Local histogram correction of MRI spatially dependent image pixel intensity nonuniformity

Charles DeCarli, D. G M Murphy, D. Teichberg, G. Campbell, G. S. Sobering

Research output: Contribution to journalArticlepeer-review

104 Scopus citations


We describe a computationally straightforward post-hoc statistical method of correcting spatially dependent image pixel intensity nonuniformity based on differences in local tissue intensity distributions. Pixel intensity domains for the various tissues of the composite image are identified and compared to the distributions of local samples. The nonuniformity correction is calculated as the difference of the local sample median from the composite sample median for the tissue class most represented by the sample. The median was chosen to reduce the effect ers on determining the sample statistic and to allow a sample size small enough to accurately estimate the spatial variance of the image intensity nonuniformity.The method was designed for application to two-dimensional images. Simulations were used to estimate optimal conditions of local histogram kernel size and to test the accuracy of the method under known spatially dependent nonuniformities. The method was also applied to correct a phantom image and cerebral MRIs from 15 healthy subjects. Results show that the method accurately models simulated spatially dependent image intensity differences. Further analysis of clinical MR data showed that the variance of pixel intensities within the cerebral MRI slices and the variance of slice volumes within individuals were significantly reduced after nonuniformity correction. Improved brain-cerebrospinal fluid segmentation was also obtained. The method significantly reduced the variance of slice volumes within individuals, whether it was applied to the native images or images edited to remove nonbrain tissues. This statistical method was well behaved under the assumptions and the images tested. The general utility of the method was not determined, but conditions for testing the method under a variety of imaging sequences is discussed. We believe that this algorithm can serve as a method for improving MR image segmentation for clinical and research applications.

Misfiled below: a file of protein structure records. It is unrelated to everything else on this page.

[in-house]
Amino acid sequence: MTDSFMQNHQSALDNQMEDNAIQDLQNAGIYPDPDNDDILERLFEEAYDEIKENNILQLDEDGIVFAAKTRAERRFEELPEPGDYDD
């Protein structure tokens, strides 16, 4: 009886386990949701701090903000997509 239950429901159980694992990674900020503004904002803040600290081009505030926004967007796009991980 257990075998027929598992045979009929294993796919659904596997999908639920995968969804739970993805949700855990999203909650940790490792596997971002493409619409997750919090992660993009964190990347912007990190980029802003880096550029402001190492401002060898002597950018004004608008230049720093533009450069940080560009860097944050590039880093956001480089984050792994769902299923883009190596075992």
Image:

Original languageEnglish (US)
Pages (from-to)519-528
Number of pages10
JournalJournal of Magnetic Resonance Imaging
Issue number3
StatePublished - May 1996
Externally publishedYes


  • Cerebral volumes
  • MRI nonuniformity correction
  • MRI segmentation

ASJC Scopus subject areas

  • Radiology Nuclear Medicine and imaging
  • Radiological and Ultrasound Technology


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